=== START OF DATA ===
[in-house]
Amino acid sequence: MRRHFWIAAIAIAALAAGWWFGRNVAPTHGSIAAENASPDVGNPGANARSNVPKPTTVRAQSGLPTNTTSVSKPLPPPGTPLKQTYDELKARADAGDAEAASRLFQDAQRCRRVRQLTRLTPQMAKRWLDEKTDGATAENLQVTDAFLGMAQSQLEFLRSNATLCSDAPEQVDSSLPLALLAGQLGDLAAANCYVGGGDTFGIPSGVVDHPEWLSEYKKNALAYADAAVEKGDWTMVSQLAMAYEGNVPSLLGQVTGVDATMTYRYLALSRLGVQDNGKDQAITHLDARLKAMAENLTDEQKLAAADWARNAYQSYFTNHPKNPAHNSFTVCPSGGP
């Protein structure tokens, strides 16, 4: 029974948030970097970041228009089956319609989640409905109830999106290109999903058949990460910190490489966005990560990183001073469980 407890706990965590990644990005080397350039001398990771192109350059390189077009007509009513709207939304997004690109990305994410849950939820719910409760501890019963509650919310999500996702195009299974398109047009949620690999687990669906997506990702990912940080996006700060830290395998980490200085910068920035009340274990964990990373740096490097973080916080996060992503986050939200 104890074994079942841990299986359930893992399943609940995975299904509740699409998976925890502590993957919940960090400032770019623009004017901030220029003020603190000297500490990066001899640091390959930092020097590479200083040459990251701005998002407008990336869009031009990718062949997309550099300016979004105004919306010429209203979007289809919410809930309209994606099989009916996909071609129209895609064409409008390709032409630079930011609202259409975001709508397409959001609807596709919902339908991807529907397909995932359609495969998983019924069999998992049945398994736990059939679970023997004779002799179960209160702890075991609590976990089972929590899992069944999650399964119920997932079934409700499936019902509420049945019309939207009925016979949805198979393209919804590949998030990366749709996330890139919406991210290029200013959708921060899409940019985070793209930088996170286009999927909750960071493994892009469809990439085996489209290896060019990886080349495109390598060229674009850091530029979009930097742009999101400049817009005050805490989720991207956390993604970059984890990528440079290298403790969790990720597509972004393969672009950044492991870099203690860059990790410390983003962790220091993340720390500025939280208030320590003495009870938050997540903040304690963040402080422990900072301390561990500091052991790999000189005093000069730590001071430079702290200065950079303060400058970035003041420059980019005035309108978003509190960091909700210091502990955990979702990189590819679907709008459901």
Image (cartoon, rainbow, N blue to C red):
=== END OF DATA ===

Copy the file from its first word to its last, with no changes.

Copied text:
[in-house]
Amino acid sequence: MRRHFWIAAIAIAALAAGWWFGRNVAPTHGSIAAENASPDVGNPGANARSNVPKPTTVRAQSGLPTNTTSVSKPLPPPGTPLKQTYDELKARADAGDAEAASRLFQDAQRCRRVRQLTRLTPQMAKRWLDEKTDGATAENLQVTDAFLGMAQSQLEFLRSNATLCSDAPEQVDSSLPLALLAGQLGDLAAANCYVGGGDTFGIPSGVVDHPEWLSEYKKNALAYADAAVEKGDWTMVSQLAMAYEGNVPSLLGQVTGVDATMTYRYLALSRLGVQDNGKDQAITHLDARLKAMAENLTDEQKLAAADWARNAYQSYFTNHPKNPAHNSFTVCPSGGP
């Protein structure tokens, strides 16, 4: 029974948030970097970041228009089956319609989640409905109830999106290109999903058949990460910190490489966005990560990183001073469980 407890706990965590990644990005080397350039001398990771192109350059390189077009007509009513709207939304997004690109990305994410849950939820719910409760501890019963509650919310999500996702195009299974398109047009949620690999687990669906997506990702990912940080996006700060830290395998980490200085910068920035009340274990964990990373740096490097973080916080996060992503986050939200 104890074994079942841990299986359930893992399943609940995975299904509740699409998976925890502590993957919940960090400032770019623009004017901030220029003020603190000297500490990066001899640091390959930092020097590479200083040459990251701005998002407008990336869009031009990718062949997309550099300016979004105004919306010429209203979007289809919410809930309209994606099989009916996909071609129209895609064409409008390709032409630079930011609202259409975001709508397409959001609807596709919902339908991807529907397909995932359609495969998983019924069999998992049945398994736990059939679970023997004779002799179960209160702890075991609590976990089972929590899992069944999650399964119920997932079934409700499936019902509420049945019309939207009925016979949805198979393209919804590949998030990366749709996330890139919406991210290029200013959708921060899409940019985070793209930088996170286009999927909750960071493994892009469809990439085996489209290896060019990886080349495109390598060229674009850091530029979009930097742009999101400049817009005050805490989720991207956390993604970059984890990528440079290298403790969790990720597509972004393969672009950044492991870099203690860059990790410390983003962790220091993340720390500025939280208030320590003495009870938050997540903040304690963040402080422990900072301390561990500091052991790999000189005093000069730590001071430079702290200065950079303060400058970035003041420059980019005035309108978003509190960091909700210091502990955990979702990189590819679907709008459901």
Image (cartoon, rainbow, N blue to C red):